For Uhuru Muigai Kenyatta, a low key, opposition boycotted repeat presidential election is set to hand him a 90 per cent-plus victory.
National Super Alliance’s Raila Amolo Odinga, a veteran in the East African country’s politics boycotted, promising nothing less than complete defiance of the status quo.
Mr Odinga’s lawyers and other activists believe the elections became a nullity once he withdrew, and that the ’90-day rule’, which requires Mr Kenyatta to hand over the presidency to National Assembly speaker Justin Muturi pending fresh elections in 90 days, set in.
The Supreme Court, which in the first place nullified the August 8 elections, suffered a quorum glitch when it was supposed to determine whether or not the controversial elections should be held, widely seen as an avoidance by the apparently divided, David
Maraga-led court to entertain a matter that was likely to invite more wrath from Jubilee Party honchos who declared the court on their watch list.
Such is the three-dimensional predicament of Kenya’s top men, which has set the stage for the country’s worst constitutional crisis since independence.
Upon authoring this story, only 6.7 million votes were tallied, a figure unlikely to significantly change till the official declaration by the Independent Electoral and Boundaries Commission (IEBC), in an election boycotted by opposition strongholds.
Not lost to Kenyans and the pensive neighbourhood is what happens after Mr Kenyatta’s inevitable ‘victory’.
Will he preside over a country sharply divided into two halves for the rest of his term? Or will he heed to the several calls and talk with his “older brother” Raila Odinga?
Uhuru’s game plan
The nullification of the August 8 elections poured ice-cold water on Mr Kenyatta’s face, who with his right hand man deputy president William Ruto, described the Supreme Court using unsavoury language.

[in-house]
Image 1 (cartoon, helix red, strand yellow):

On the drawing board, the clearest chess board strategy was to do everything possible to swiftly bring an end to the “uncertainty,” mentioned many times in Mr Kenyatta’s speeches.
Mr Kenyatta, in the first days of the campaigns, said the Jubilee Party has no demands whatsoever on the IEBC.
This was a direct response to Mr Odinga’s National Super Alliance, which demanded a near complete overhaul of the IEBC, including dropping of some officials who had “committed the illegalities and irregularities” that caused the election’s nullification in the first place.
Mr Kenyatta stuck to his guns, saying the elections would be held anyway.
An uncertainty would further energise Nasa supporters and fatigue those of Jubilee, who going by the current ongoing repeat presidential elections tally are already fatigued.
Mr Kenyatta, and most especially Mr Ruto, was apprehensive about the 90-day rule, which would push him into an election without the benefits of incumbency.
His camp would later agree to have an election, any election, to confirm a victory they maintained was robbed by the Supreme Court, irrespective of the legitimacy talk.
The elections have been held, with Mr Kenyatta promising to talk to Raila after the polls.
In effect, the Jubilee Party has switched to a ‘there is no turning back’ mode. They are to deal with the aftermath later on, but first, a victory and recognition – at least by law, that Uhuru Kenyatta is the president of Kenya.
Mr Kenyatta and his Jubilee Party supporters are waiting for swearing in, and are not willing to listen to any talk of a repeat election or going back to the polls within 90 days, as suggested by the opposition.